By now even the European Commission has acknowledged that the Greek statistics are unreliable and not worth their paper. But that should not come as a surprise. Since having become a Eurozone member, Greece has frequently tended to substantially revise past deficit and debt data. Furthermore, if the statements in this article (Culture of Corruption Drags Greece Down) are correct, then not even 5,000 people in all of Greece report a gross annual income of more than €100,000 on their tax returns (the country has slightly more than 11mln inhabitants). Besides the unreliability of the data, the high level of corruption (it ranks 71th place in the corruption perception index of Transparency International, see here) will render a Greek-only political solution without outside help even more difficult. At least politicians seem to start acknowledging that their is a fire burning in Greece but that does not mean that they have the ability to extinguish it.
Personally, I am of the opinion that Greece should not have been allowed to join the Euro early last decade but not because the government fudged the data, rather because them joining rendered the Euro even less of an optimal currency area (it wasn't one from the beginning). But then again the Euro is more a political project than an economic one. In turn, this leads me to believe that ultimately Greece will not be left on its own and measures will be implemented to avert a default. However, when this will happen, what form the support (probably an IMF/EU combined effort) will take and what the restricions for Greece will be is hard to forecast. In light of the difficulty of the situation and the uncertainty relating to a potential solution, I do not see a favorable risk-reward for investments relating to Greek bonds for the time being and still favour to shy away from GGBs. For investors who expect to see a solution soon, I rather think that Irish government bonds would offer a more favorable risk-reward. For one, the Irish government seems to be willing to take the necessary steps while at the same time if there would be a Greek solution it might well help the periphery in general.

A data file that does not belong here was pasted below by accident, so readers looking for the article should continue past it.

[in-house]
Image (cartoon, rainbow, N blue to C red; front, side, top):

To sum up, I maintain my view of overweighting high-grade corporate bonds from 'strong' countries vs. sovereign bonds from 'weak' countries (most notably Spain, Portugal and Greece). However, I would be moving back to a neutral allocation for Ireland given the high spread levels, the apparent willingness to cope with the structural problems as well as the non-negligible probability that steps will be taken towards a stronger fiscal support mechanism within the Eurozone in the not too distant future.